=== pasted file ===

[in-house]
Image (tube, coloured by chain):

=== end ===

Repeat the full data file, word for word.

[in-house]
Image (tube, coloured by chain):